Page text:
Exposure to adversity during childhood negatively impacts on behavioural development due to suboptimal associative learning, according to data from a new study. The study cohort included 81 youths aged 12-17 years, of which half had experienced physical abuse and half had no history of maltreatment. The participants completed a probabilistic learning task (to assess associative learning), a spatial working memory task (to assess cognitive ability), and a Youth Life Stress Interview.
Data analysis found that those who had experienced early childhood abuse demonstrated lower levels of associative learning compared to controls. Specifically, affected youths were less able to correctly learn which stimuli would likely result in a reward. This learning impairment contributed, in part, to an increased rate of behavioural problems in affected youths. The researchers propose that those exposed to adversity in childhood are more likely to experience difficulties in learning associations between stimuli and rewards because they use information about known rewards in their environment less often than non-exposed children.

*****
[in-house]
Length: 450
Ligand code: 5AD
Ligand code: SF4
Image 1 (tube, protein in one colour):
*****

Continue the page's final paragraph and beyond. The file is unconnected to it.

Hanson, J.L., van den Bos, W., Roeber, B.J., Rudolph, K.D., Davidson, R.J. & Pollak, S.D. (2017), Early adversity and learning: implications for typical and atypical behavioural development. J Child Psychol Psychiatr, 58:770-778. doi:10.1111/jcpp.12694